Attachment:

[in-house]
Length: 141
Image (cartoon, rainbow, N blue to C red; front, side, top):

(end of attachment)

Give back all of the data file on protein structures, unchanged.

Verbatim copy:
[in-house]
Length: 141
Image (cartoon, rainbow, N blue to C red; front, side, top):